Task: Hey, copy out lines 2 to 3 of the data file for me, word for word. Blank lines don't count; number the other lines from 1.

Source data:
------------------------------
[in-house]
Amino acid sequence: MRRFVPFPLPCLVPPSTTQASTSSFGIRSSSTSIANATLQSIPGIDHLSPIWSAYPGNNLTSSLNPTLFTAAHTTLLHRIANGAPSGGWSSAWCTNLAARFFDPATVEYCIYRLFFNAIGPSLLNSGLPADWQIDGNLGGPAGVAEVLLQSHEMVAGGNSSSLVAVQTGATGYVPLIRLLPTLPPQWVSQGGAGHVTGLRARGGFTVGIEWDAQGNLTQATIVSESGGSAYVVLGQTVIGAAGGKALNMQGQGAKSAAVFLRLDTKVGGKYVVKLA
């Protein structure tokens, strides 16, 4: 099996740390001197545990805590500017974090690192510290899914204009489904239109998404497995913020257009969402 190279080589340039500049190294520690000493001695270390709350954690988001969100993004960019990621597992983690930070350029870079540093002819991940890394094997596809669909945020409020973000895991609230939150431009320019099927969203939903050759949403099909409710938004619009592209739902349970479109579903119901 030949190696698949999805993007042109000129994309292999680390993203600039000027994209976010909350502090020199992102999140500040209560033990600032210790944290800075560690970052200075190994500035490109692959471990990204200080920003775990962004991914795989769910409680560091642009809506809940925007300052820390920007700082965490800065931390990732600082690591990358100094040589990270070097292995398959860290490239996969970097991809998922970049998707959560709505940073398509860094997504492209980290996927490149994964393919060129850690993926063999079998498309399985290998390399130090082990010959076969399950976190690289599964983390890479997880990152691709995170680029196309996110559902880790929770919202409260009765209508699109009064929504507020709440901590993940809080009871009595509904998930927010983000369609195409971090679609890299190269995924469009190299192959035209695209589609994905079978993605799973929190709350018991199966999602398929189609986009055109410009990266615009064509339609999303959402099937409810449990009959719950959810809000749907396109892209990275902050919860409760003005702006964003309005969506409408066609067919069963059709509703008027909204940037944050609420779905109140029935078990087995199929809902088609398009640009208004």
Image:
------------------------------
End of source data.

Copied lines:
Amino acid sequence: MRRFVPFPLPCLVPPSTTQASTSSFGIRSSSTSIANATLQSIPGIDHLSPIWSAYPGNNLTSSLNPTLFTAAHTTLLHRIANGAPSGGWSSAWCTNLAARFFDPATVEYCIYRLFFNAIGPSLLNSGLPADWQIDGNLGGPAGVAEVLLQSHEMVAGGNSSSLVAVQTGATGYVPLIRLLPTLPPQWVSQGGAGHVTGLRARGGFTVGIEWDAQGNLTQATIVSESGGSAYVVLGQTVIGAAGGKALNMQGQGAKSAAVFLRLDTKVGGKYVVKLA
């Protein structure tokens, strides 16, 4: 099996740390001197545990805590500017974090690192510290899914204009489904239109998404497995913020257009969402 190279080589340039500049190294520690000493001695270390709350954690988001969100993004960019990621597992983690930070350029870079540093002819991940890394094997596809669909945020409020973000895991609230939150431009320019099927969203939903050759949403099909409710938004619009592209739902349970479109579903119901 030949190696698949999805993007042109000129994309292999680390993203600039000027994209976010909350502090020199992102999140500040209560033990600032210790944290800075560690970052200075190994500035490109692959471990990204200080920003775990962004991914795989769910409680560091642009809506809940925007300052820390920007700082965490800065931390990732600082690591990358100094040589990270070097292995398959860290490239996969970097991809998922970049998707959560709505940073398509860094997504492209980290996927490149994964393919060129850690993926063999079998498309399985290998390399130090082990010959076969399950976190690289599964983390890479997880990152691709995170680029196309996110559902880790929770919202409260009765209508699109009064929504507020709440901590993940809080009871009595509904998930927010983000369609195409971090679609890299190269995924469009190299192959035209695209589609994905079978993605799973929190709350018991199966999602398929189609986009055109410009990266615009064509339609999303959402099937409810449990009959719950959810809000749907396109892209990275902050919860409760003005702006964003309005969506409408066609067919069963059709509703008027909204940037944050609420779905109140029935078990087995199929809902088609398009640009208004």